It was 5:30 in the afternoon and nobody was drunk yet, but everyone was dancing. In the basement of Bowery Electric, North London’s Man Like Me were treating a modest audience to an unpredictable mix of ska, hip-hop, grime, techno and pop; if you’re confused, think the Specials, if the Specials had grown up in the era of raves and mashups. Frontman Johnny Langer rapped in Cockney dialect atop a metal ladder with his microphone swung over a ceiling beam. Backed by a modest but effective two-man brass section, the quartet frequently broke into choreographed, 1998-style boy-band dance routines.
Brooklyn’s Boy Crisis took over where Man Like Me left off. Lead vocalist and lackadaisical showman Victor Vazquez summoned the crowd closer with a deadpan promise of “about 25 minutes of pretty decent music” before breaking into the group’s signature synthy, R&B-inspired electro-pop. Watching Boy Crisis felt like a subtle lesson in band dynamics. Vazquez oscillated frenetically between keyboard, cowbell, and the drum kit behind him, where drummer Owen Roberts calmly tried to avoid getting hit in the face with a cymbal. Guitarist Lee Pender knelt on the floor, hand-manipulating a set of pedals and occasionally harmonizing with keyboardist Tal Rozen, who sang the group’s hit, “Dressed to Digress,” from atop Vazquez’s shoulders, dropping down midway to let Vazquez loose into the audience, where he attempted a wiggly break dance.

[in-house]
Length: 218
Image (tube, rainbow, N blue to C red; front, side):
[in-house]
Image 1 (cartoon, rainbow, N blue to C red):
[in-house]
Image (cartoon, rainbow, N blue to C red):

Boy Crisis are good at what they do, which is pulling off an energetic, danceable set without looking like they’re making too much of an effort. Following were London’s Golden Silvers, who played a gentle acoustic set rich with harmonies, demonstrating the members’ talent and versatility — as well as a proclivity toward the precious and romantic.
Back in Brooklyn, soul-meets-R&B-meets-punk outfit Joan As Police Woman provided the highlight of the night: an intimate cover of T.I.’s “Whatever You Like.” Frontwoman Joan Wasser, wearing a thin silver dress and red bouffant, looked a bit bashful at song’s end, commenting, “We just played that all over Europe…. They were confused as fuck.” The quiet and engaged crowd seemed thoroughly sated by Joan As Police Woman, but nobody looked quite as sated as guitarist and vocalist Timo Ellis, who seemed utterly engrossed and smiled warmly throughout the set.
Over at Root Studios, Cale Parks — who moonlights as the drummer for White Williams — introduced his new lineup, which now includes a bassist and a guitarist. Parks is an unbelievable performer; at a solo show at Cake Shop earlier this year, I was completely blown away by his focus, intensity, and inability to stand still. Last night, some of this did shine through. Parks was still manning a drum machine, cymbals, and a synthesizer, and couldn’t help but beat at the air with his drumsticks while singing. But I found myself missing the unique force of Parks’s solo set. Nonetheless, it’s always exciting to see an artist who considers even his recorded tracks works in progress, so it was refreshing to see Parks playing around with his material.
Ultimately, the final night of CMJ provided everything I had hoped it would: energetic, original performances from a variety of talented musicians, all of whom are working hard to integrate disparate genres and contribute something a little different and a little more eclectic to the current music scene.